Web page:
I have read this playful children's fantasy tale twice, and highly liked it each time I read it. I find it delightful. I cherish any writings that use letter play (and the larger things the letters make). I have always been a letter liker that detests numbers. Thus, few can beat me at letter games. Naturally, then, I relished this. I read it the first time many years in the past and read it with my children. They seemed very receptive, especially my daughter. I have always been keen with the writings by James Thurber, and I ready many tales penned by him as a child. I acted in a play written by him as a teenager (the award-winning "A Thurber Carnival"). Great fun. I listened via Audible this time and can't speak regarding the pictures, but I remember that they were nice and vibrant the first time I read it.

Hey, being truthful, I basically dislike writing reviews and keep them brief and succinct. Reviews are a bit like pulling teeth, by my standards. They, like, pain me a little. Barring a letter is actually a bit fun, thus I am still writing. I am surprised that few members attempted it. I say, try it, it is easier than imaginable.

My take? This tale is just plain fun! This review makes me appear a bit inarticulate and extremely weird, but I am just adhering with the rules creatively established by Jen. I am running empty with gibberish, I will subsequently call this review quits. I may add a line later.


Kristel (kristelh) | 4259 comments Mod
Diane wrote: "Here is my review, sans that pesky letter featured in the title. I may abuse a few grammatical rules in attempting this feat:


I have read this playful children's fantasy tale twice, and highly l..."

Nice job!


message 16: by Diane (last edited Jun 10, 2018 07:18PM) (new) - rated it 4 stars

Diane  | 2051 comments 1. What do you think of the illustrations? If you are able to, post a photo of your favorite image/illustration.

I listened via Audible this time and can't speak regarding the pictures, but I remember that they were nice and vibrant the first time I read it.

2. What do you think of the style? Have you read it aloud? Any favorite quotes or wordplays?

Really like the whimsical style. Have read it verbally in the past (with my kids).

3. This is one of the few children's books that actually made the list. Why do you think this book makes the list?

It's creativity. It is reminiscent the techniques used by Perec, in certain ways. That writing style I can't say, because it has that banned letter in it. I think the fact that it used a restricting technique is highly inventive and clever.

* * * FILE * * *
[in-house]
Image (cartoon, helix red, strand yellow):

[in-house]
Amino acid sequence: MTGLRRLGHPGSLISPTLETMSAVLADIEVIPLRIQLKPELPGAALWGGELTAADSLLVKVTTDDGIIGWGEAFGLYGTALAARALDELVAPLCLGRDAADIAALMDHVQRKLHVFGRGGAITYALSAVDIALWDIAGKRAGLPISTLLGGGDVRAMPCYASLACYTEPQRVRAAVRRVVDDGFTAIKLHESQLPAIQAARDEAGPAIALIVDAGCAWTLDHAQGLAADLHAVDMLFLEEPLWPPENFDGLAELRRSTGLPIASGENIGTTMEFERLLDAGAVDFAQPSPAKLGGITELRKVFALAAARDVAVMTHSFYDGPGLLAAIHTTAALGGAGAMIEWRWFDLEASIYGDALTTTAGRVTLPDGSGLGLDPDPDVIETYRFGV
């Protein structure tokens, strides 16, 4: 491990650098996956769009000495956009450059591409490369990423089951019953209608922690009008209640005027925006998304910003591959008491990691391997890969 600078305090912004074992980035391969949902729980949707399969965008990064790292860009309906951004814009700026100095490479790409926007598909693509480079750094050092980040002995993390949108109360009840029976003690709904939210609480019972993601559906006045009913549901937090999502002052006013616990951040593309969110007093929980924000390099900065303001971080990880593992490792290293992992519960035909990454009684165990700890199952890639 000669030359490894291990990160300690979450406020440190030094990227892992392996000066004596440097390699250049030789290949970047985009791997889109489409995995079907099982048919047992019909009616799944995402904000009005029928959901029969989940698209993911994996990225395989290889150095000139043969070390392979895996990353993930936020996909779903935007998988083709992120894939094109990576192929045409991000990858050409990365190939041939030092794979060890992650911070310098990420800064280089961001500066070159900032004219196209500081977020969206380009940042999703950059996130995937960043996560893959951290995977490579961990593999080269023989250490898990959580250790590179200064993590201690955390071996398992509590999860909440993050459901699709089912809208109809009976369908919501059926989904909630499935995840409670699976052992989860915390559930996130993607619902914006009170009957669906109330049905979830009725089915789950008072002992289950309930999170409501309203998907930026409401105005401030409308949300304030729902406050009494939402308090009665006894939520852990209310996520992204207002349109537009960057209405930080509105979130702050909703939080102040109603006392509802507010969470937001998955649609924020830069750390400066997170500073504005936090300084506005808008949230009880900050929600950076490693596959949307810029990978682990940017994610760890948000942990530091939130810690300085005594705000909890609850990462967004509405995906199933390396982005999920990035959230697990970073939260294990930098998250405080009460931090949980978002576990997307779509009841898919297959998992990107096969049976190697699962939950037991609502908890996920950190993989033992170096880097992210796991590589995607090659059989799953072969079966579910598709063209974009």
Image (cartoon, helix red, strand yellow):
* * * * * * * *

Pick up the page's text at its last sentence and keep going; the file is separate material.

4. Although this is a children's book, did you enjoy it? Why do you think this book appeals to both children and adults alike?

I liked it quite a bit. I think it has appeal because it stimulates thinking and creativity with language usage.

5. What is the message of the book?

The deficiency experienced when having liberties and things we cherish taken away. It indicates that all letters in the alphabet are vital in language, as well.

6. Write a review without using any "o"s.

See the entry in #14


Diane  | 2051 comments The Perec technique I alluded to above is Oulipo. It's kind of like Oulipo for children.


message 18: by Jen (new)

Jen | 1608 comments Mod
Diane wrote: "Here is my review, sans that pesky letter featured in the title. I may abuse a few grammatical rules in attempting this feat:


I have read this playful children's fantasy tale twice, and highly l..."


Great review!


message 19: by Paula (new)

Paula S (paula_s) | 220 comments 1. What do you think of the illustrations? If you are able to, post a photo of your favorite image/illustration.
I read the tale last week and I already can't remember the pictures. I guess they were nice?

2. What do you think of the style? Have you read it aloud? Any favorite quotes or wordplays?
It was very imaginative, and interesting, stylistically. I really liked the lists of banned items, and how they sometimes rhymed and sometimes not.

3. This is one of the few children's books that actually made the list. Why do you think this book makes the list?
Different and creative, but there are a number of other book they could have chosen.

4. Although this is a children's book, did you enjoy it? Why do you think this book appeals to both children and adults alike?